Geological Origins and First Peoples
In the first chapter, Aaron Jackson and Lettajoe Gallup elaborate on the geological and climate changes that shaped not only Zena, but throughout the Pacific Northwest in North America. Gallup and Jackson's chapter challenges environmental determinism, in which the eventual state of the land causes the inevitable development of certain types of human society and ecological communities.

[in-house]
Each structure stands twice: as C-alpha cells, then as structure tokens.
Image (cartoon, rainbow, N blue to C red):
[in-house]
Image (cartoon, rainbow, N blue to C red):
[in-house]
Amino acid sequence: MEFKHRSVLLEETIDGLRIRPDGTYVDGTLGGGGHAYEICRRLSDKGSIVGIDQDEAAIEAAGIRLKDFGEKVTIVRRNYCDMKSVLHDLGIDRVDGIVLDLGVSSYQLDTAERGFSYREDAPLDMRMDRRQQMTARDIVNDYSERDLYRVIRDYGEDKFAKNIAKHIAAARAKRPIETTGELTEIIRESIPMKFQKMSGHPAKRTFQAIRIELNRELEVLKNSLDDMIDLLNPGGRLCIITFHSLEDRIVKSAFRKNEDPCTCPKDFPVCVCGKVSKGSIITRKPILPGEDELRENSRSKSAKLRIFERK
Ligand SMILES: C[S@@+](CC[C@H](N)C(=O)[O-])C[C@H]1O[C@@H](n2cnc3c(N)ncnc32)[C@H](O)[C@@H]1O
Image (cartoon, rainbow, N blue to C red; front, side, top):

The next three chapters explore the sense of place of the Kalapuyan people up through the mid-nineteenth century. Nickolas Lormand and Larissa DeHass relate Kalapuyan stories to the Kalapuya sense of place. Brayton Noll and Summer Tucker analyze how the Kalapuya actively modified and used numerous resources from the earth. Elena Crecelius’s chapter discusses the interlinked sense of place and society of the Kalapuyan people. Taken together, these chapters suggest that, through practice, narrative, and social values, the Kalapuya lived in balance with the landscape of the Willamette Valley.